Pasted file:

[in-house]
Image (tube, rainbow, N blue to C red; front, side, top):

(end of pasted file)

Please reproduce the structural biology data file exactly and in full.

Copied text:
[in-house]
Image (tube, rainbow, N blue to C red; front, side, top):